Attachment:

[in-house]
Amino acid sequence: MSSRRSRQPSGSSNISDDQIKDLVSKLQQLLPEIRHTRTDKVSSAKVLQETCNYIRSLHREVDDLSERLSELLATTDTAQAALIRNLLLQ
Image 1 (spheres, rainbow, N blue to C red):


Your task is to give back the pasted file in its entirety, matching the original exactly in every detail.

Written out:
[in-house]
Amino acid sequence: MSSRRSRQPSGSSNISDDQIKDLVSKLQQLLPEIRHTRTDKVSSAKVLQETCNYIRSLHREVDDLSERLSELLATTDTAQAALIRNLLLQ
Image 1 (spheres, rainbow, N blue to C red):